An Interview with Mindware Studios
Written by Michael Larabel in Linux Gaming on 21 August 2006. Page 1 of 3. Add A Comment

With Cold War (Mindware Studio's inaugural title) having gone gold late last month for Linux, we took the time to get a few questions answered by Mindware Studios. In this interview, Patrik Rak of Mindware answered some of our questions about their Meng engine as well as a few pieces of information from what we can expect to see in the future. We also learned some more information on their Linux and Macintosh client intentions for future titles. The same set of questions were posed to Tomas Pluharik (lead designer of Cold War and executive producer on some upcoming Mindware titles) over at the Phoronix Forums.

Phoronix: Thank you for taking the time to answer some of our questions. First off, could you please tell us a bit about yourself and your position at Mindware Studios?

Patrik Rak: The position is called Chief Programmer, which basically means that apart from my regular programming tasks I also have to manage a bunch of fellow programmers and make sure that all work is done in time (and estimate and resolve delays when it's not). Regarding Cold War, I am credited as Lead Programmer, as I am responsible for most of the architecture design and programming of the core parts of our Meng engine.

Phoronix: Since many in the gaming community haven't heard much of Mindware Studios, are you able to tell us some more about the company itself? Such as the number of employees and what is the mission statement/goals of this company.

P.R.: Well, our CEO would be the best person to answer a question like this, but as everyone is now busy readying our new projects for the Leipzig Games Convention, I'll give it a shot.

Mindware Studios was founded in the summer of 2001, bringing in a group of talented people who tackled the game development more or less ever since the personal computers appeared. The goal at that time was to develop a FPS based MMO game, but several month later we have concluded that the MMO market became so crowded that all but the best backed up of these project are necessarily going to bite the dust. So we quickly steered to more conventional waters of the third-person single player world, before any serious harm was done.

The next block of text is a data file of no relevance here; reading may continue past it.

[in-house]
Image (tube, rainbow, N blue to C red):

Today, Mindware consists of about two dozens of regular employees, and quite a few of other people who we subcontract as needed. The primary goal remains the same - to make quality games with just the right amount of innovative spicing.

Phoronix: With Cold War being your inaugural project, what had inspired Mindware Studios to create a game based upon this real-life situation with the Cold War and U.S.S.R.?

P.R.: After putting the Mindhack MMOFPS on hold, we had a short time span to find a new project as a replacement. We discussed several possibilities, but in the end the stealth game situated in the Russia of the 80's have won. It had strong appeal to the American audience, which was the most important target market intended and which still sort of envisions the Russia as a kind of an evil empire. Another advantage was that we had the first hand experience living under the communist rule, an asset a foreign developer could hardly gain. And last but not least, we had a multitude of architectural creations from that period at our disposal we could easily base our levels on.

Of course, there were a few disadvantages as well. Modelling something after a real-life event puts strong limits on what you can and can't use in the game. But we wanted to make the game more entertaining rather than realistic, so we decided not to take these limits too seriously. Gadgets like the infamous X-Ray camera could hardly ever get in otherwise.



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